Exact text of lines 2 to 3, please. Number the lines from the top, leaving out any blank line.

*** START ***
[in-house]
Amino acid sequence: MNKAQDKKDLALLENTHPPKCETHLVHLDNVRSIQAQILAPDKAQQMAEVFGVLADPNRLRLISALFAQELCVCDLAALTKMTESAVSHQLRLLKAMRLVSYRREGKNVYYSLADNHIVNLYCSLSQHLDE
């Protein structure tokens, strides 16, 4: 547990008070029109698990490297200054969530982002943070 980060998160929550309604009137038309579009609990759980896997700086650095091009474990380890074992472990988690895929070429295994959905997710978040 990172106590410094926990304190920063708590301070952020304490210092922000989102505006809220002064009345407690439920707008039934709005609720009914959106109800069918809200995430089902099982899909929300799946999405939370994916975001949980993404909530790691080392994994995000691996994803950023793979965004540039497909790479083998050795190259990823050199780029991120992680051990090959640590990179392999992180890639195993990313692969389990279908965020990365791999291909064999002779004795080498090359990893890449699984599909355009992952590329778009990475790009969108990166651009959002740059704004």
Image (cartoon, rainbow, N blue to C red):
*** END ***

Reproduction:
Amino acid sequence: MNKAQDKKDLALLENTHPPKCETHLVHLDNVRSIQAQILAPDKAQQMAEVFGVLADPNRLRLISALFAQELCVCDLAALTKMTESAVSHQLRLLKAMRLVSYRREGKNVYYSLADNHIVNLYCSLSQHLDE
């Protein structure tokens, strides 16, 4: 547990008070029109698990490297200054969530982002943070 980060998160929550309604009137038309579009609990759980896997700086650095091009474990380890074992472990988690895929070429295994959905997710978040 990172106590410094926990304190920063708590301070952020304490210092922000989102505006809220002064009345407690439920707008039934709005609720009914959106109800069918809200995430089902099982899909929300799946999405939370994916975001949980993404909530790691080392994994995000691996994803950023793979965004540039497909790479083998050795190259990823050199780029991120992680051990090959640590990179392999992180890639195993990313692969389990279908965020990365791999291909064999002779004795080498090359990893890449699984599909355009992952590329778009990475790009969108990166651009959002740059704004």